Monday, February 23, 2015

Search Party

Over on Facebook - I can't quite believe I am writing this - there's an interesting discussion of open or soon-to-be-open orchestral posts. The discussion started when Anne Midgette posted a link to her article about Christoph Eschenbach's two-years-out departure from the NSO.

Here are the openings or openings-to-be, and I'm not even including the possibility that James Levine will eventually step down as MD of the Met, largely because I believe he only leave in a box. It is quite a remarkable list of more and less prominent orchestras around the world:
  • New York Philharmonic, with Alan Gilbert leaving
  • National Symphony Orchestra, with Eschenbach leaving
  • City of Birmingham SO, because Andris Nelsons just can't be MD here and in Boston. Evan Tucker thinks Edward Gardiner will take the job, but there has not been an announcement of this.
  • Berlin Philharmonic, with Simon Rattle leaving
  • LSO, coming vacant; Rattle may be angling for this job and many consider him the best candidate
  • BBC Scottish Symphony Orchestra, where Donald Runnicles's tenure is coming to an end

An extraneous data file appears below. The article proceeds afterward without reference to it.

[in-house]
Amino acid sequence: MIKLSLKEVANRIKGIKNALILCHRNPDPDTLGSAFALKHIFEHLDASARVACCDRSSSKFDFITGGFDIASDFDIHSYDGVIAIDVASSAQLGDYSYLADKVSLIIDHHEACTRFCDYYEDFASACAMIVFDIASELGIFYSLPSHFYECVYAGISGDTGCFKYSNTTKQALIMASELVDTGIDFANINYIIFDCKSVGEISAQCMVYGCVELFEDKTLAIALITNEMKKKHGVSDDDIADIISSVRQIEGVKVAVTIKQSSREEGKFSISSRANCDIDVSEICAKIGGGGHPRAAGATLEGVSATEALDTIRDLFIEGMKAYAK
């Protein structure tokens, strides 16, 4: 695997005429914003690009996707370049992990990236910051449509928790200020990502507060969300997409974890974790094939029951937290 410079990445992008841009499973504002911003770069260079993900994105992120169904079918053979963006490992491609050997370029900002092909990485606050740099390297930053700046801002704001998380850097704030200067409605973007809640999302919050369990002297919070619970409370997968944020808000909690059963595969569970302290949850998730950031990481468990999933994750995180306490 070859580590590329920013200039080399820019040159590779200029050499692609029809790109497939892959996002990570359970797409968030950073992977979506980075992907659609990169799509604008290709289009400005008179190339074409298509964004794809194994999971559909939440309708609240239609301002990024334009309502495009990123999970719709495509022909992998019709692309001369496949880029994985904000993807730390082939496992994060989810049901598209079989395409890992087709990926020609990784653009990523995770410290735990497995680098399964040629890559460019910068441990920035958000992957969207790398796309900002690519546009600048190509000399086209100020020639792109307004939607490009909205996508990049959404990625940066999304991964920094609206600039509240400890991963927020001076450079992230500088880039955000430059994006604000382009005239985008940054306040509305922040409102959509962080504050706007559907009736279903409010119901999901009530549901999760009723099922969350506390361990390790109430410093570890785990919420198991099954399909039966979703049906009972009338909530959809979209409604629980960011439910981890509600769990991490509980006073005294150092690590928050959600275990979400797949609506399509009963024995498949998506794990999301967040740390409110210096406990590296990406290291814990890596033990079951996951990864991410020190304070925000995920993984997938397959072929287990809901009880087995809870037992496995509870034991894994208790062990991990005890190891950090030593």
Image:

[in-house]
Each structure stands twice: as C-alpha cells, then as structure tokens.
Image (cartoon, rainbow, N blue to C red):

• Bavarian Radio Symphony Orchestra; Mariss Jansons is ensconced here but his continued tenure depends on his health.
  • Milwaukee Symphony, where Edo de Waart is departing
  • Hong Kong Philharmonic
  • Shanghai Symphony Orchestra
  • San Diego Symphony
  • Orchestra de Paris
  • Orchestra Nationale de France
  • Vienna Staatsoper / VPO, with the departure of FW-M
That's a lot of orchestras. Take a look at the Facebook discussion and name your candidates.

Update: Added the two French orchestra that are or will be looking around, 2/23/15 and also the VSO/VPO.


Elaine Fine said...

Maybe everyone on this list is vying for another of the jobs on this list. I somehow don't see non A list conductors fitting into these potentially empty slots. Perhaps the kind of relationships MTT has with the players in "his" orchestra is a functional kind of "marriage." Perhaps a little switcheroo might keep the music making alive in places where it has died. Perhaps it is a delusion. Perhaps some of these conductors are getting too old to do the job properly (but I wouldn't bet on it). Then there's the money thing. Ozawa brought a good deal of money into the BSO through his various charms. They were not charms that worked with the orchestra or the more astute members of the audience. We will see how it all plays out.

Eric Pease said...

life imitating art? the "Mozart In The Jungle" series on Amazon covers this ground